IIRC the Planetary Society also has a payload that will test the panspermia theory. There were some contamination issues with that that I think have blown over.

  17. ND

    Good luck to Russia (and the Chinese) on their mission. They really could use a break from stream of bad luck with Mars. Any successful mission is all the better for all of us.

  18. tacitus

    I believe the Phobos-Grunt team already has an eye on the landing zone — the smooth area above the double overlapping craters at the bottom of the image, somewhere to the left of the tiny bright crater in that vicinity.

  19. Chip

    For an artificial satellite built by advanced aliens it sure is kinda lumpy. (Or is that deliberate just to fool us?)

  20. XMark

    Well, presumably the Martians died billions of years ago when Mars lost its water. So over that time dust accumulated on the Satellite. And the high-tech cities on Mars were buried under dust as well.

  21. The hi-res photo shows a lot of the craters are askew on one side as if the impactors struck Phobos at a very low angle. This suggests the “sputtering” trails, mostly moving from upper left to lower right, were from impactors hitting at such a low angle they skipped across the surface of Phobos like a flat rock skipping on a pond, losing more mass with each impact until they finally stopped.

    The fainter and highly parallel banding could be a feature of the original rock mass rather than from meteor impacts. On Earth this would be a sign of differential weathering, where one layer of rock is slightly more resistant erosion/weather than the layer immediately below it and so one layer “stands out” in higher relief.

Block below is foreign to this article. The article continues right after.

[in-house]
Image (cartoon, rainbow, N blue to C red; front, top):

Assuming Phobos is made of igneous rock, one thing that could cause banding like this is magmatic segregation, where the original rock is molten and cools slowly enough to allow the various minerals to separate into layers. This would suggest that Phobos was originally part of a much larger object, which would be required for the molten rock to cool slowly enough to chemically separate. If Phobos was, as some suggest, a big pile of loosely aggregated material fused together by impact without any further evolution, it would be hard to explain the origin of this banding and layering, since there should not be any order or arrangement to the aggregation.

  22. Oh … the “erosion” that would occur on Phobos would be from micro-meteorites. The effect of this type of erosion can be seen on the craters, where the smallest and youngest are very crisp and sharp and the older ones are soft and rounded. 4 billion years without an atmosphere and being constantly pelted by tiny particles going a few miles per second can do a lot to dull a once-sharp rock. If the original bedrock of Phobos is banded and some bands are slightly more resistant to erosion than others, differential weathering from micro-meteorite impacts could create these parallel striations.

  23. Dave

    To put it in perspective a little more for some of us… So Phobos is a little larger in cross section than… Washington DC! Well, the original city, including what’s now Arlington VA too…

    Lay it on top and, let’s see, Dupont Circle would be about here… and oh, there’s the Tidal Basin… and there’s Anacostia… and the Pentagon…

    Not that I’m advocating anybody should try laying Phobos on DC…. though if Russia is going to send a probe there… ūüėČ Hey, just kidding, it’s my home town! (DC, that is, not Phobos! Nothing against Phobosians, Leather Goddesses or otherwise…)

  24. jcm

    “Click to embiggen” should have been “Click to emphobiate”.

  25. “Click to Thoatify”?

  26. Dr Cy Coe

    I like the way the Russians named the mission. Says right what its about. No focus studies needed to created mass media friendly (convoluted) acronyms. It’s going to Phobos and it’s got to do with its soil.

  27. #16 gss_ooo: